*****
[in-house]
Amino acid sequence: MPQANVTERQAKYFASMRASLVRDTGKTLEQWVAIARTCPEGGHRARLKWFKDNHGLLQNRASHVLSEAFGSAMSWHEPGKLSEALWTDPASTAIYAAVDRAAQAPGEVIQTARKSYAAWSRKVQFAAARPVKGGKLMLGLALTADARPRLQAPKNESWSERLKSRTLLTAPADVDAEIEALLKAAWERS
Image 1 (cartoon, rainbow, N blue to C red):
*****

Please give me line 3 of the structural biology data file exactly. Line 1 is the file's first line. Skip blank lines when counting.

Image 1 (cartoon, rainbow, N blue to C red):